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Qureshi calls for early conclusion of Pak-Afghan talks on trade agreement

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(Last Updated On: March 20, 2021)

Pakistan’s Foreign Minister Shah Mahmood Qureshi emphasised the need for talks between Pakistan and Afghanistan regarding Afghanistan-Pakistan Transit Trade Agreement (APTTA) to be wrapped up as soon as possible.

According to Pakistan’s Foreign Office, Qureshi stated this during his telephonic conversation with his Afghan counterpart Haneef Atmar on Friday.

In a statement issued by the Foreign Office, the two ministers exchanged views on matters of mutual interest, including Pakistan-Afghanistan bilateral relations and the latest status of Afghan peace process.

“Reiterating Pakistan’s consistent support to the Afghan peace process, the Foreign Minister underlined that the Intra-Afghan Negotiations provided historic opportunity to achieve an inclusive, broad-based and comprehensive political settlement in Afghanistan.

“The Foreign Minister urged Afghan parties to work constructively for the shared objective of a stable and peaceful Afghanistan. He underscored the need to remain cognizant of the challenges and impediments on the way, which could be overcome through patience, perseverance and persistence,” the statement read.

Qureshi also reaffirmed Pakistan’s resolve to facilitate all efforts for a negotiated political settlement and in this context also underlined the importance of exercising vigilance against the role of “spoilers,” read the statement.

In the bilateral context, the Qureshi reiterated Pakistan’s commitment to forge closer cooperation with Afghanistan in all fields and underlined the importance of APAPPS as a vital platform to carry forward the bilateral cooperation on key tracks.

“The Foreign Minister also emphasized the need for early conclusion of talks relating to the APTTA (Afghanistan-Pakistan Transit Trade Agreemet.)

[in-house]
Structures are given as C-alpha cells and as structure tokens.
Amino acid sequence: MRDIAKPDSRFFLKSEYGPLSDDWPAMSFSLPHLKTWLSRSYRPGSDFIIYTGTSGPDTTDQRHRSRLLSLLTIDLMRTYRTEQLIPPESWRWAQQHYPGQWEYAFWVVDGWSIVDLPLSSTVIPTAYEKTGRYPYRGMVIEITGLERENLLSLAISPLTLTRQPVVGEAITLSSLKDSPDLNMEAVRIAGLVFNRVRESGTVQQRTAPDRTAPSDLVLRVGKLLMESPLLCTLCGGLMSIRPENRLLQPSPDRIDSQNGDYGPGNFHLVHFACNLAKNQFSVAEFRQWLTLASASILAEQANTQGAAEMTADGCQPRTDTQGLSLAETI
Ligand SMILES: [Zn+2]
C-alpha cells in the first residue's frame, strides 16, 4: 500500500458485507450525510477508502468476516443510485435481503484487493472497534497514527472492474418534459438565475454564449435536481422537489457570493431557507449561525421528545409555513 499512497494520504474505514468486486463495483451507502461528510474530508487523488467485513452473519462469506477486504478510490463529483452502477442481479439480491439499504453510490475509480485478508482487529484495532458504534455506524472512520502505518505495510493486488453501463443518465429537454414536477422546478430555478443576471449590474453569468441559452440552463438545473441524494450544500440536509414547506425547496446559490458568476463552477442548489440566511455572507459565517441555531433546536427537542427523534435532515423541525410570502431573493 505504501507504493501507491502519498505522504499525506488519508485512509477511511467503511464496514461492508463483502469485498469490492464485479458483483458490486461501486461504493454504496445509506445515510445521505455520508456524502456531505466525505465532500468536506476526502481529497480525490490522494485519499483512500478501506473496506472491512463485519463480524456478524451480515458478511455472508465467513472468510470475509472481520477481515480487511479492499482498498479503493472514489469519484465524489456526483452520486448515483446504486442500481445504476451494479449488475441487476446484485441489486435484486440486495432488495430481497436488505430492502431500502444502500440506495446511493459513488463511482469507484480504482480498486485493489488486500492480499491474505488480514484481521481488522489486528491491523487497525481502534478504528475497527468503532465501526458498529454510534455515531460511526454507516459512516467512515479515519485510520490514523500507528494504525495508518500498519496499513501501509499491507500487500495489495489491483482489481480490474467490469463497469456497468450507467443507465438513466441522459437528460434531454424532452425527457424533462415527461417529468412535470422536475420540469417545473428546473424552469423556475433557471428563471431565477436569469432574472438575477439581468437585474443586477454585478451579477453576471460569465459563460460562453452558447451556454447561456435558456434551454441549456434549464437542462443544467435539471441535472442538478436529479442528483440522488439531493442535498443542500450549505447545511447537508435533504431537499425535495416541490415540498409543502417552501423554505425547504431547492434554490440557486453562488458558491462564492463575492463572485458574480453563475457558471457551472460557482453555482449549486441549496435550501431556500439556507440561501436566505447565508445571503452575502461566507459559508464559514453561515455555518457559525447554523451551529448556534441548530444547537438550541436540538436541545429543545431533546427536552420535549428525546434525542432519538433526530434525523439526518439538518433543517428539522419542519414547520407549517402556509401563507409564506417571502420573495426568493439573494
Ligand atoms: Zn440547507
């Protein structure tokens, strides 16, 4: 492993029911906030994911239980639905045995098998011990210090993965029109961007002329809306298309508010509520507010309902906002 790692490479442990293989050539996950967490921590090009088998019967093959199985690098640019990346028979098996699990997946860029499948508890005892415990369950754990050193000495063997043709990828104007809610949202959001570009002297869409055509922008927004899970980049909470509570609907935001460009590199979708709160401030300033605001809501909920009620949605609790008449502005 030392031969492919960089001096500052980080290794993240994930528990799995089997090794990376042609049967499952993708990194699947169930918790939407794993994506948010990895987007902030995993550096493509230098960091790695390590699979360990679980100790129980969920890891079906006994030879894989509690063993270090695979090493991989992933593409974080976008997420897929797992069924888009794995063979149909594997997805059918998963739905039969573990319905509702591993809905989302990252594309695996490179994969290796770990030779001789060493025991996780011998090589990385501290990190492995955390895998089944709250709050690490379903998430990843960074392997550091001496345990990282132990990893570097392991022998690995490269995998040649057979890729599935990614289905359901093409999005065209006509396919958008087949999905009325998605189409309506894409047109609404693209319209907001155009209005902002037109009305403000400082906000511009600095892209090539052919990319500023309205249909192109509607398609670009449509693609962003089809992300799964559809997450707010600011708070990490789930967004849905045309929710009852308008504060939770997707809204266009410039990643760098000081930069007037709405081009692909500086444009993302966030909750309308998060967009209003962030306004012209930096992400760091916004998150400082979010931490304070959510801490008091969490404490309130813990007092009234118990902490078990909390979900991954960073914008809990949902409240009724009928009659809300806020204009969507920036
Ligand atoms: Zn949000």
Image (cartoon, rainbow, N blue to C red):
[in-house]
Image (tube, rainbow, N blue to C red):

During the telephonic call, it added that views were exchanged on matters of mutual interest, including Pakistan-Afghanistan bilateral relations and latest status of Afghan peace process.

He underlined the importance of APAPPS as a vital platform to carry forward the bilateral cooperation on key tracks. The foreign minister also emphasized the need for early conclusion of talks relating to the APTTA (Afghanistan-Pakistan Transit Trade Agreement (.

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Carpet industry takes major knock as client base dries up

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(Last Updated On: September 25, 2021)

Afghans working in the country’s renowned carpet industry say they fear for their future and that business has taken a hit following the Islamic Emirate of Afghanistan’s (IEA) takeover.

“Carpet weavers should be supported and the carpet weaving industry should grow as well,” said weaver Najaf Ali Mejrayi, while pausing from his work on an intricate rug in the capital, Kabul.

Carpets are one of Afghanistan’s most well-known exports, having been exported around the world for centuries.

Manager of the Sadaat Weaving Company, Mohammad Qasim Ahmady, said his primary market used to be European countries and the U.S., with carpets making their way overseas through Pakistan. But now, he said the customer base has evaporated, while prices for materials such as wool are rising.